For some time I was pondering about the possibilities homeless people have when it comes to breaking out from the downward spirals of the life situation they are in. When doing a little research, I found an article about Heather. While reading it, I started to feel devastating in every single cells of mine and I just keep on thinking about her ever since. You want to hear?
The Story of Heather
Heather is a 58 year old woman living in America. She has worked all her life, until one day she got injured and unable to crawl out from bed. After two weeks she ran out of sick leave. Still incapable of working, loses her job, shortly after her apartment and health insurance. For two years she was living on the family’s and friend’s generosity. After that, having no place in any shelters, she ended up sleeping on the streets, where she was mugged and raped many times. Traumatised, suffering from anxiety and depression, she holds up a sign at the corner: “I’m homeless. Please help!” For that she gets arrested for loitering and violating the anti-panhandling law.
When in need for urinating, she tries to enter fast food restaurants’, office buildings’ or schools’ restrooms. Being smelly and filthy she is sent away with no hesitation. In her despair she hides in an alley to relieve herself, but noticed by someone who called the police and she was arrested again.
Having no money for bus ticket, she is walking everywhere, meanwhile trying to get her paperwork sorted. With blistered and bloody feet she sits on a curb, where she is arrested again for loitering. At night, unable to walk another step, lies down on a patch of grass, where she is arrested again for sleeping outdoors. She has no place to store her few possessions, thus she has to carry them everywhere. Once when lowering her bag down, as her back was aching so much, somebody snatched it from her, stealing also all her papers, that she spent month in great difficulties to get them. And I could go on and on describing her life…
The Vicious Circle
Even though Heather’s story might seem a bit extreme, unfortunately is a common reality in many places. Conducted researches show that many homeless people do want to work, but they find very difficult to break out from the stigma of homelessness. Discrimination is sadly amongst the lead factor in becoming homeless, because it significantly limits the options and choices of an individual when it comes to housing, employment, access to services. Homelessness is then the unavoidable next step, which will restrict them even more. If they don’t have a job, they are forced into other ways of making a living at a minimum level. Unfortunately most of these activities, like loitering, begging or panhandling are becoming increasingly illegal. The question still remains: How can they be expected to step out from this vicious circle, when homelessness is criminalized and surviving becomes illegal?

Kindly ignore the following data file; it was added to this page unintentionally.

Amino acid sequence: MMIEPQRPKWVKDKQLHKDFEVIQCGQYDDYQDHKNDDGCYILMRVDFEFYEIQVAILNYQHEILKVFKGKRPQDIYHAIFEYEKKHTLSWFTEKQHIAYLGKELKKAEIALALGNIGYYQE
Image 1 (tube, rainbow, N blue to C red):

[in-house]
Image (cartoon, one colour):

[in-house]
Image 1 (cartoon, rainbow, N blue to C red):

Is There Any Hope?
After reading Heather’s story I felt truly devastating and in a way helpless, as if facing a giant much bigger than we can even imagine. Homelessness is real and gaining such proportions that it reaches every corner of the big wide world. And just then, when feeling very low because of hopelessness, I came across an article about how Finland tries to tackle the long-ongoing problem of homelessness. It felt like pure light shining in the darkness. I started to feel more positive when reading about the fruitful efforts of the Finnish government in offering housing unconditionally. Since they started to implement this policy in 2008, the number of long term homeless people dropped by more than 35%.
Despite of such great success, it seems that the phenomenon of homelessness cannot be totally eradicated, especially considering it worldwide. BUT… When we start losing hope, feeling that all our efforts are just like a drop in the sea, we should never forget, that the sea is made out of many individual, little drops and ONE OF THEM IS YOURS!
Thanks for reading!